We’ve got a double winner on the insightful side this week, with That One Guy taking the top spot. In first place, it’s a long comment arguing that we weren’t hard enough on MEP Axel Voss:
‘Why Does MEP Axel Voss Keep Lying About Article 13?’
Is that a rhetorical question? Because the answer is blindly obvious from where I’m sitting, and applies to him and all the others like him to keep making blatantly false arguments and claims: Because it’s impossible to defend it honestly, and he(and others like him) is so contemptuous of the public that he has no problem lying straight to people’s faces if it means getting what he wants.
This is an astounding level of ignorance on so many levels
The time for ‘maybe he doesn’t understand what he’s talking about’ benefit of the doubt is well past. At best he’s grossly incompetent in not doing the slightest bit of research into a bill he’s heavily supported, but far more likely is that he’s not being ‘ignorant’ when he makes blatantly incorrect statements, he’s being dishonest, and deserves to be called out as the liar he is every single time he does it.
Instead, he has to play this charade, where he makes these ridiculous and easily debunked statements to support an unconscionable law that will lead to massive internet censorship and change the very fundamental nature of the internet itself.
And again, no.
He does not ‘have to’ lie to people’s faces and make dishonest arguments, he chooses to. No one is forcing him to lie and engage in dishonest tactics, so I see no reason to soften the language describing such acts in any way. He does not ‘have to’ lie, he deliberately chooses to lie.
In second place, it’s some extended thoughts on our post about Elizabeth Warren’s big tech breakup plan:
Need to work on those priorities
Meanwhile, if Warren were truly concerned about “monopolies” and a lack of competition, why isn’t her plan looking at the lack of competition in the broadband and mobile markets — cases where we have legitimate competition problems due to bad regulatory policies going back decades?
I was thinking this very thing the entire article. She wants to bust up monopolies that are harmful to the public? Then maybe put Google, Amazon and Facebook on the backburner and start with companies where in large numbers of cases people aren’t signed up with them because they’re popular, but because it’s either them or nothing.
If someone really doesn’t want to use Facebook the fact that it’s popular doesn’t mean they have to, as there are plenty of alternatives, but if the only choice of actual broadband in your area comes from one company whether you like them or not doesn’t matter, it’s either them or no internet, which is dramatically more severe than simply ‘no using this platform for social media’.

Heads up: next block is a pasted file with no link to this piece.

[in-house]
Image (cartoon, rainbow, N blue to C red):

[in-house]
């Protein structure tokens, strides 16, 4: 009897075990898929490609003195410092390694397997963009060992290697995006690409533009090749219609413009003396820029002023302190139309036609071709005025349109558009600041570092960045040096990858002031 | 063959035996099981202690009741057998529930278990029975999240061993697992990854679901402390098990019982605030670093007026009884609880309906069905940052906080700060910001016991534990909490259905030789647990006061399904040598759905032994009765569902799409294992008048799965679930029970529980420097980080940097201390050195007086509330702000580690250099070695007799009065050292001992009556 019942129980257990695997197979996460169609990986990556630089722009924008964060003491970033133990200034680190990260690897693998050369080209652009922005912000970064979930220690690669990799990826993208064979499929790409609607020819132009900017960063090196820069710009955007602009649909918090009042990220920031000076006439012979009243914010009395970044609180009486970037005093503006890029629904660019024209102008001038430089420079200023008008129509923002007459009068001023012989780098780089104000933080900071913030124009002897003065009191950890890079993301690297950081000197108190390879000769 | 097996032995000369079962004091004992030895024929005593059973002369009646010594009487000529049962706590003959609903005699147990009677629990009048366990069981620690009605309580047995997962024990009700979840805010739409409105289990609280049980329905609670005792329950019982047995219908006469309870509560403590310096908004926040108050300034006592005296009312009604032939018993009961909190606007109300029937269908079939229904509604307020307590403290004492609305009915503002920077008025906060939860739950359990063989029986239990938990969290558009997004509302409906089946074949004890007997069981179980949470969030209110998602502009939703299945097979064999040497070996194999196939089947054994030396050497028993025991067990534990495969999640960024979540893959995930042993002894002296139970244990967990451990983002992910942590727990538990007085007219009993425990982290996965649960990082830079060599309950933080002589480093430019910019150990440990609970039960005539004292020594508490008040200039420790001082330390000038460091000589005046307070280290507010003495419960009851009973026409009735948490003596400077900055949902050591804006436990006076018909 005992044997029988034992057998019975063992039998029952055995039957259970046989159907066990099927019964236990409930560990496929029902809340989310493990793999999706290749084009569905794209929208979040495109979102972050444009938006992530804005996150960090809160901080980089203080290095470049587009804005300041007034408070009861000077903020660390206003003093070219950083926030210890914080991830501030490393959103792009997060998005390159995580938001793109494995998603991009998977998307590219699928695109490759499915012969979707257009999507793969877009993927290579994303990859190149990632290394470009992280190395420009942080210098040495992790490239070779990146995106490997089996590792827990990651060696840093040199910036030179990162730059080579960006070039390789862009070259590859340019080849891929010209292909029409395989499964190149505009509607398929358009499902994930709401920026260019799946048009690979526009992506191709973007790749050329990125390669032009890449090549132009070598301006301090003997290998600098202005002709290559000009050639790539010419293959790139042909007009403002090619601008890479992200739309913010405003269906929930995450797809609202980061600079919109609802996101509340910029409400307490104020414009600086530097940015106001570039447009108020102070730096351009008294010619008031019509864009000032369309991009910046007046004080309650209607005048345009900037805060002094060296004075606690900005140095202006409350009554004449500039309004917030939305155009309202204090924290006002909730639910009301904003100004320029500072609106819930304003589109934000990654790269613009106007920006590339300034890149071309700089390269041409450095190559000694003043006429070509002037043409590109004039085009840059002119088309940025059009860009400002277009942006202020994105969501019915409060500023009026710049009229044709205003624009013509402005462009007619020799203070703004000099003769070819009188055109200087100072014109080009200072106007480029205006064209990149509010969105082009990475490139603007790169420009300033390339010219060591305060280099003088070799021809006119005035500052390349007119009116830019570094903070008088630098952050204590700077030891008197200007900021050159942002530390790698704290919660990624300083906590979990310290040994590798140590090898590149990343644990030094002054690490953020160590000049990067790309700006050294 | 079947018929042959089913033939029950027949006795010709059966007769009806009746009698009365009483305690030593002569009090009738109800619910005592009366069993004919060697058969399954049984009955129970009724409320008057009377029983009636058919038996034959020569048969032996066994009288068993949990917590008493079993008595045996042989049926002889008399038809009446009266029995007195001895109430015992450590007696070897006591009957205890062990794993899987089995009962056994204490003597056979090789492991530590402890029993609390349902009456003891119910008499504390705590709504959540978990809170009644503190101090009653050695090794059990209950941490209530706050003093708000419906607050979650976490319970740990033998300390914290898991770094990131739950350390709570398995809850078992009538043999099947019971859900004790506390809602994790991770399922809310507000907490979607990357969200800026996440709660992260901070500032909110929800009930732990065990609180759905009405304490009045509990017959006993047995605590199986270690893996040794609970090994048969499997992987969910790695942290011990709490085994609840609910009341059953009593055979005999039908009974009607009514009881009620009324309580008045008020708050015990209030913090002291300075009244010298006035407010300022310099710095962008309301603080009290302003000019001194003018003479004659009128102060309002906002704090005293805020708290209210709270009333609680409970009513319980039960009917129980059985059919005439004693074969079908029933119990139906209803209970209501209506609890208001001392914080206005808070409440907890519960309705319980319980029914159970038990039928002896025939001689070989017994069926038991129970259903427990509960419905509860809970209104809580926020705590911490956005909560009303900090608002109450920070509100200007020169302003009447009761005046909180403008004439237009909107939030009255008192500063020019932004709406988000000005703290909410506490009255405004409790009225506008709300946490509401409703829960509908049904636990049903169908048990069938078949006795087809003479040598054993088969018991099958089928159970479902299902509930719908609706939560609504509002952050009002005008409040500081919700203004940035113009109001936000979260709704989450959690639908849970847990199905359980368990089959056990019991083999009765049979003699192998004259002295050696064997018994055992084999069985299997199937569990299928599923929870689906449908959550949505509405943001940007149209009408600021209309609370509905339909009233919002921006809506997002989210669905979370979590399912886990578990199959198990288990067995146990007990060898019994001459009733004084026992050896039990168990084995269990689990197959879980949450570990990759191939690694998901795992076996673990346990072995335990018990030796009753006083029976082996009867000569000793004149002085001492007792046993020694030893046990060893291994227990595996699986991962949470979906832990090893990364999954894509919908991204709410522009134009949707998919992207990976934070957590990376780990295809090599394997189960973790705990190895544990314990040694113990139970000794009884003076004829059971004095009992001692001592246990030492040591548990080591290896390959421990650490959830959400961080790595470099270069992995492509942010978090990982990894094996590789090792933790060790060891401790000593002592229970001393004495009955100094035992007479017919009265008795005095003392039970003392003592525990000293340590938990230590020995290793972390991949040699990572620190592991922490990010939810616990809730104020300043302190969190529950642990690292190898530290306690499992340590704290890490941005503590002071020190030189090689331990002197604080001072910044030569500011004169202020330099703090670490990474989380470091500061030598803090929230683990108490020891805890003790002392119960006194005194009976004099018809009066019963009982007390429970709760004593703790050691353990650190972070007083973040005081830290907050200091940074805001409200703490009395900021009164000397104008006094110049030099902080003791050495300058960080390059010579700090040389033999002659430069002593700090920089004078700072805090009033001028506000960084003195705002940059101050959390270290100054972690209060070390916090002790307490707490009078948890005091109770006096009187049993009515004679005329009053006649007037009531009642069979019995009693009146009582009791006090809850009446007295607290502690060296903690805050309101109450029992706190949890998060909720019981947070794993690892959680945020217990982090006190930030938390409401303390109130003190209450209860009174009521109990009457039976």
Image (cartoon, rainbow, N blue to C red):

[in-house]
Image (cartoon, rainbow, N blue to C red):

She wants to crack down on monopolies that are harmful to the public? Great, there are much better targets to start with, and I’d love for someone to point that out to her, if only to see her reaction and whether or not she’d be willing to go on the record as supporting the idea of going after Comcast and company for their respective monopoly positions.
For editor’s choice on the insightful side, we start out with a comment from Qwertygiy, pushing back against the assertion that if copyright expired on the death of the creator, it would incentivize the murder of creators:
If an estate is passed down to heirs at the death of the owner, there would be an incentive for heirs to kill the owner of a valuable estate.
If a political office is put up for election upon the death of the holder, there would be an incentive to kill the holders of a valuable political office.
If funeral homes are paid upon the death of a person, there would be an incentive for funeral homes to kill random people.
Oh… wait… all of that is already true, and we have laws that are very effective deterrents against any of that from happening.
Next, it’s That Anonymous Coward arguing that, given the assault on fair use and public domain by copyright maximalists, a good first step in response would be to roll back copyright terms:
If fair use is such a burden, let us roll back the expansive handouts of extensions we’ve given them.
It is supposed to benefit us but I am really hard pressed to see how the public is getting any benefits.
Laws killing memes
Laws killing content they don’t control
Laws killing technological advancement
Fair use is so very mean to them… if we just did away with it then that damn dancing babies family would have coughed up the $150K the law says we deserve! That video cost us trillions of dollars in losses!!
Lets take back the extensions they wanted, because they have tormented those of us who agreed to grant them exclusive rights for a limited time in exchange for fair use & the public domain, they’ve been trying to kill fair use and they had killed the public domain for a very long time. Let us go back to a simpler time where ‘limited time’ didn’t mean 4 human life spans.
Over on the funny side, our first place winner is Boba Fat, who responded to Steven Spielberg’s opposition to Oscars for Netflix movies, and specifically to another commenter noting that “we’ve always done it this way” is a bad justification for anything:
Nonsense! We’ve always used that as our justification! We shouldn’t change it now.
In second place, we’ve got Toom1275 with another response to Spielberg:
Someone should call Jurassic Park and let them know they’re missing their dinosaur.
For editor’s choice on the funny side, we start out with a comment from Mike Read, who was struck by one of our headlines about Europe:
Clash Of EU’s Poorly Thought Out Laws
Is this a new mobile game?
And last but not least, we’ve got a comment from David about the shame of the NSA:
Things the NSA should not be proud of
The Clipper chip and the Clapper chap.
That’s all for this week, folks!
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Author: Leigh Beadon